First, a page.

By Lewis Martin
Grade inflation is back in the headlines this week, with universities minister Sam Gyimah announcing that it will be incorporated into how universities are ranked under the Teaching Excellence Framework. There is statistical evidence to back up this policy change – according to the Higher Education Statistics Agency, the number of first class degrees being awarded has grown by 18% between 2012/13 and 2016/17. Whilst it is statistically true that grades are inflating at the university level, there are a number of issues with the current discourse around grade inflation that are not being properly addressed by HE decision makers.
Grade inflation is a natural symptom of the marketisation of higher education. Since the changes to HE funding in 2010, which made institutions almost entirely reliant on tuition fees for their income, universities are forced to advertise themselves as better than their ‘competitors’ to attract enough students. They are therefore incentivised to boost the number of firsts being handed out in order to encourage potential students to join. This link between fees and grades is easy to see for anyone with experience of UK HE post-2010 , but it is often ignored by both university bosses looking to defend their institutions from accusations of inflation and the ministers who level those accusations.
For anyone, especially the Universities minister, to tell these students they’ve got it easy is outrageously patronising
Why ignore a factor which should be so critical to this discourse? Because both Tory ministers, obliged to stand by their party’s failing education policy, and university management staff, who have acquiesced to the post-2010 system in almost every case, have vested reputational interests in keeping this link quiet. Neither group wants to admit that the policies they are creating and implementing are causing the problem that they’re complaining about. As long as their concerns for their reputations make them unable to talk about the link between the current fees model and grade inflation, they will continue to fail to deal with the issue. If they are legitimately concerned with the number of firsts being handed out, then they should look to decrease the ludicrously high levels of competition in the sector. If universities were less reliant on funding from students, the incentive to hand out firsts at such a high rate would be dispelled.
The complaint levelled at universities when grades are seen to be inflating is that higher-class degrees will lose their value by virtue of their proliferation. This may or may not be the case in fact, but either way the type of discourse currently surrounding grade inflation has the same effect. By constantly stating that it has become easier to get a first and, as such, that they’re worth less than they use to be, ministers and the media compound the issue. If this mantra is repeated enough, employer attitudes will shift, and they will actively start to value higher-class degrees less highly. Although for many students the overall goal of attending university isn’t just to get a degree that leads to a better quality job, this is certainly an important factor for many, and the discourse being pumped out by the government is quietly undermines these prospects. If we are to discuss changes in grading practice in a responsible manner, we must be wary of how the form of our discourse grants power to certain already-powerful interests over others.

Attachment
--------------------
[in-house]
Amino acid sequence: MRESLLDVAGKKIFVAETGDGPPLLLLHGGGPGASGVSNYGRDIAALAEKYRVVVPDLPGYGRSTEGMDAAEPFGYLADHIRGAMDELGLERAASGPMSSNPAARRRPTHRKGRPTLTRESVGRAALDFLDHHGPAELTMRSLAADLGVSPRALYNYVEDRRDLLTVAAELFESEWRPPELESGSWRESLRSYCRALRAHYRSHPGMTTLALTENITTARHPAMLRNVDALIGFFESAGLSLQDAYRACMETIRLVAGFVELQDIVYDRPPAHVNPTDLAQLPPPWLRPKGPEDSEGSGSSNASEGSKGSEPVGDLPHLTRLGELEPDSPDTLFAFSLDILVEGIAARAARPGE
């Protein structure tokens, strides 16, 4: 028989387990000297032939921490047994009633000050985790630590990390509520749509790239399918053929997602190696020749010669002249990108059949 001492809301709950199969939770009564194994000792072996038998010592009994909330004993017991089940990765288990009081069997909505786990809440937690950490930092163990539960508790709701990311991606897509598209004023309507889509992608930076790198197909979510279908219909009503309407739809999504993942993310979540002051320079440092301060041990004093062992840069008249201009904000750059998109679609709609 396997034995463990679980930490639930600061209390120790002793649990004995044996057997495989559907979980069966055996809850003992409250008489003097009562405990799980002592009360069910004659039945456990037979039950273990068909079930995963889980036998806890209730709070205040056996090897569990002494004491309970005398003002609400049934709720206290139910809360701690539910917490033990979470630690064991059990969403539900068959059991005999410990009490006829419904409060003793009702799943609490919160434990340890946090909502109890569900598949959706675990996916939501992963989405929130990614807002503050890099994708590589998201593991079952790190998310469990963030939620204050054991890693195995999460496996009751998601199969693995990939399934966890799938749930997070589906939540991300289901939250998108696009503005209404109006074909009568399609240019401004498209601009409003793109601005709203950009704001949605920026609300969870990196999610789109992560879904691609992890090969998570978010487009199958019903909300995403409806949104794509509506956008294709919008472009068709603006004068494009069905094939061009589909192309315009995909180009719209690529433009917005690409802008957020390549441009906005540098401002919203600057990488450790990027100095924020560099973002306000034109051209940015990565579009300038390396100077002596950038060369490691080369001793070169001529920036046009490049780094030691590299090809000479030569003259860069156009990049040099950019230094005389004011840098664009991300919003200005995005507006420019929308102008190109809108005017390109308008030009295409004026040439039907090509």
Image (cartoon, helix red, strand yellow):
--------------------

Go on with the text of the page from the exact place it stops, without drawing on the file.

The final issue I wish to highlight is how patronising grade inflation discourse is to the students who are affected by it. By constantly saying that their degree is worth less than someone else’s simply because of the date on which they earned it, commentators are essentially saying that they didn’t work hard enough, that they also got it easy. This claim is entirely demeaning, and rarely supported by any real look at the nature of the work modern students are doing. It is still incredibly hard to earn a first across an entire degree. Many students may never receive a first for any of their assignments across their entire course. Those who do receive a first overall will often have spent long hours engaging not only with their course material, but also their wider academic field. This isn’t an easy or even an accessible prospect for many students, who can be juggling many different things in their day to day lives. For anyone, especially the Universities minister, to tell these students they’ve got it easy is outrageously patronising, and a symptom of the privilege of the political classes.
Both the concept of grade inflation and the discourse surrounding it are problematic in many ways. It is a key symptom of the continued push towards the marketisation of higher education, but those with power in the sector seem quite happy to pretend to ignore this, reassert their privilege and shit on students’ achievements so they can score a few points with the media. If the government was genuinely concerned about grade inflation it would look at the root causes and change course on the marketisation of education, instead of making it another part of the already failing TEF. Sadly, if there is one thing we know about this government, they are always the last to admit they are at fault.
Featured image credit: Marco Verch
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